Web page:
Center for Retirement Research

INFORMATION FOR PROSPECTIVE AND CURRENT GRADUATE STUDENTS IN THE DEPARTMENT OF SOCIOLOGY ON THE RETIREMENT RESEARCH RECENTLY ESTABLISHED AT BOSTON COLLEGE

What is this Center all about? What is in it for current and prospective sociology graduate students?

This memo attempts to address questions that will be of interest to both current and prospective graduate students. If you want to learn more, please contact Professor John B. Williamson.

The Social Security Administration has recently awarded Boston College a grant of $5.25 million to set up a retirement policy research center. This money is to be spread over 5 years and much of it will go to other universities (MIT, Syracuse, BU) and research centers (Brookings Institution, The Urban Institute) linked to B.C. in the original proposal to the Social Security Administration. About $400,000-$500,000 per year will be spent here at Boston College.

The focus of the Center for Retirement Research (CRR) will be on the analysis of large quantitative datasets, but some of the research will be qualitative. The focus will be on economic research, but there is a very real desire for this center to be interdisciplinary. Thus an effort will be made to support graduate students in social work, sociology, psychology, and political science as well as economics and finance.

The Director of this new Center will be Alicia Munnell (CSOM). She is a former member of President Clinton's Council of Economic Advisors, a former Assistant Secretary of the Treasury, etc.). She is an economist with an interest in such issues as the generational equity debate and the impact of proposed changes in Social Security policy on women. Professor John Williamson of the Department of Sociology was one of several Boston College faculty on the team that put together the proposal. He is the department's liaison with the RRC.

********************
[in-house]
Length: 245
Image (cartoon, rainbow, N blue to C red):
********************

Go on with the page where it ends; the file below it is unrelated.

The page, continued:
1. There will be funding for 5 dissertation fellowships per year each paying $20,000. For some of those funded, it will be possible to get funding for a second year at the same level. These fellowships are for advanced graduate students. Five will be awarded during the first year and another five the second year so after the second year there could be up to 10 students per year being funded. However, this funding will be distributed across several universities and several departments here at Boston College. A reasonable guess is that after the first year about 4 BC students per year will be funded. Another reasonable guess that about 2-3 will be students in economics and finance and 1-2 will be students in sociology, psychology, political science, and social work.